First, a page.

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By Crista Munro
Special to The PREVIEW
If you haven’t purchased your festival ticket yet, or lined up your volunteer spot for the weekend, I’m giving you a gentle reminder that we are now officially in the final two weeks before the 18th annual Four Corners Folk Festival comes to town once again.
The festival takes place Aug. 30-Sept.1 on beautiful Reservoir Hill in downtown Pagosa Springs.
This year’s amazing lineup of musicians includes the legendary John Hiatt and the Combo, Natalie MacMaster, The Wood Brothers, Darrell Scott Band, Jimmy LaFave, Slaid Cleaves, Aoife O’Donovan Band, Sunliner (Sarah Siskind and Travis Book), John Fullbright, New Country Rehab, Rose’s Pawn Shop, Baskery, The Lone Bellow, The Giving Tree Band and this week’s two featured artists, Elephant Revival and Halden Wofford and the Hi-Beams.
Halden Wofford and the Hi-Beams will be helping FolkWest officially kick off the festivities with an appearance at Preview in the Park, a free concert on Thursday, Aug. 29, at 5 p.m. at Town Park. Also appearing on the Gazebo Stage that evening will be New Country Rehab. The Chamber of Commerce will be serving up food, and beer and wine will be available for purchase.
On Friday, the festivities will move up to Reservoir Hill when the main stage music gets underway. Because we don’t have a huge tent in Town Park like the one on Reservoir Hill, the concert will be weather dependent.
Halden Wofford and the Hi-Beams ride out from the cutting edge cowtown of Denver. Rootsy and real, neither revivalist nor retro, the Hi-Beams’ brand of country music is as boundless and electrifying as America itself.
Equal parts Hank Williams and Johnny Depp, front man Halden Wofford pours forth a potent mix of rocked-up honky tonk, Western Swing, Dylanesque originals and spaghetti western epics. There is no creative limit to the songwriter, illustrator, author, storyteller and singer. But Halden has met his match in the Hi-Beams. Each outrageous tale he spins is met by the whine and wail of the steel guitar, the furious double-neck electric guitar and mandolin, and the relentless thump of the upright bass and drums.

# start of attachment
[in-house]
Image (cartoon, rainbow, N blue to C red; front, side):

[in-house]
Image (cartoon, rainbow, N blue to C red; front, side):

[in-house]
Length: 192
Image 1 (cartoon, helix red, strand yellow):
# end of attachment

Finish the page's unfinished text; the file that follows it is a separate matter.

Halden Wofford was born in Los Angeles in 1966, but was quickly transplanted to Fort Worth, Texas, where his mother’s family stuck like weeds. Once in Texas, the heat, constant local television, and eventual rattle of a ’73 Barracuda fused his brain cells into a receptor for honky tonk and Western Swing musical compositions. Halden has been playing country music in Denver since 1995, singing for American Legion audiences and bar flies in obscure bars in questionable neighborhoods until hooking up with the members of the Hi-Beams in 1999.
Halden’s classically country voice and his distinctive, original songwriting provide the cornerstone of the Hi-Beams sound, and he also holds the rhythm section together with rock-solid acoustic rhythm guitar. His influences include the late and the great songwriters like Cindy Walker, Harlan Howard and Don Gibson, and stretch to encompass contemporary honky-tonkers like Paul Burch, Jim Lauderdale and the sad, sad music of Gillian Welch.
Bret Billings, a.k.a. the Man of Steel, is a Denver native with an extensive and impressive background in the local country music scene. His parents bought him his first steel guitar while he was a teenager, and he became a student of local steel guitar legend Dick Meis when he was 16. Bret has played locally and regionally since 1977 with the Desperados, Kenny Brent and the Texas Express, Briar Rose, the Red Eye Band and many others. Bret was heavily influenced by the California country rock scene of the ’70s — the Eagles, Linda Ronstadt, Poco, New Riders of the Purple Sage and, a little later, Emmylou Harris, Gram Parsons, Rodney Crowell and others.
Greg Schochet is an integral part of Colorado’s Front Range music scene. Making his home in the Boulder area, he is in demand as a performer, producer, teacher and session musician. Greg began playing guitar in his early teens, inspired by the folk of his parents’ records, and the rock of FM radio. It was in Boulder that Greg was first exposed to bluegrass, and began focusing on the mandolin. Several bluegrass bands evolved into Runaway Truck Ramp, a group whose four-year existence included nationwide touring and two CDs.
Freed from the immersion of a full time band, Greg’s musical compass led him to country and swing, and he quickly became active within the Front Range’s burgeoning roots music community. Greg has most recently been playing lead guitar in the All Night Honky Tonk All-Stars and mandolin in Greenwich Gulch, in addition to countless performances with local and regional bands. He and appears on dozens of recordings playing both guitar and mandolin in a wide variety of styles.
Ben O’Conneris a New Mexico native who grew up listening to his mother’s country music collection. An accomplished and popular fixture in the Colorado roots music scene, Ben has played upright and electric bass with a number of prominent Colorado country, rockabilly and bluegrass bands.
Ben’s heroes and influences include Merle Haggard, Buck Owens, Gary Stewart, Charlie Rich, Charlie Pride, Keith Whitley and many other classic country performers. When not playing with the Hi-Beams or sitting in with other local acts, Ben teaches web design at Colorado State University and spends evenings at home with his daughter, Lily Dale.